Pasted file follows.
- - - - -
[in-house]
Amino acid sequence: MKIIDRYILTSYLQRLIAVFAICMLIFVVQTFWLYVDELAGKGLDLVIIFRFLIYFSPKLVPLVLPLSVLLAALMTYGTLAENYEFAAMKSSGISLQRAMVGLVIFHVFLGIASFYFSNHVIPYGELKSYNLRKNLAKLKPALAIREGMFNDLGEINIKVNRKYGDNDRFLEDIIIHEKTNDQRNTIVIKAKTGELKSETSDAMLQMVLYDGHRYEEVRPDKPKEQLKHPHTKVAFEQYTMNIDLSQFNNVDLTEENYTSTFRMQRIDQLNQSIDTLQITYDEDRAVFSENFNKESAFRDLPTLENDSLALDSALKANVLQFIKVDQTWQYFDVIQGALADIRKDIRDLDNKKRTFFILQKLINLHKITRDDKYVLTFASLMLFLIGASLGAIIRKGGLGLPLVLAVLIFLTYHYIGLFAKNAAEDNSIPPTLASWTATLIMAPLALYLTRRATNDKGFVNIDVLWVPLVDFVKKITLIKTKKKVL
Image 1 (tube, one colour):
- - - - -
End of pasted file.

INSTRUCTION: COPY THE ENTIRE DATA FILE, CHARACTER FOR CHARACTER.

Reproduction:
[in-house]
Amino acid sequence: MKIIDRYILTSYLQRLIAVFAICMLIFVVQTFWLYVDELAGKGLDLVIIFRFLIYFSPKLVPLVLPLSVLLAALMTYGTLAENYEFAAMKSSGISLQRAMVGLVIFHVFLGIASFYFSNHVIPYGELKSYNLRKNLAKLKPALAIREGMFNDLGEINIKVNRKYGDNDRFLEDIIIHEKTNDQRNTIVIKAKTGELKSETSDAMLQMVLYDGHRYEEVRPDKPKEQLKHPHTKVAFEQYTMNIDLSQFNNVDLTEENYTSTFRMQRIDQLNQSIDTLQITYDEDRAVFSENFNKESAFRDLPTLENDSLALDSALKANVLQFIKVDQTWQYFDVIQGALADIRKDIRDLDNKKRTFFILQKLINLHKITRDDKYVLTFASLMLFLIGASLGAIIRKGGLGLPLVLAVLIFLTYHYIGLFAKNAAEDNSIPPTLASWTATLIMAPLALYLTRRATNDKGFVNIDVLWVPLVDFVKKITLIKTKKKVL
Image 1 (tube, one colour):